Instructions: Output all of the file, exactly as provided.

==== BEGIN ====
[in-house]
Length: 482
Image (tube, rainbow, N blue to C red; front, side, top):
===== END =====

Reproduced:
[in-house]
Length: 482
Image (tube, rainbow, N blue to C red; front, side, top):